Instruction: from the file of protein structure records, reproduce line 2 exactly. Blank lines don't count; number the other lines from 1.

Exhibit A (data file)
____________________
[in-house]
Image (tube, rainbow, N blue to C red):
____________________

Image (tube, rainbow, N blue to C red):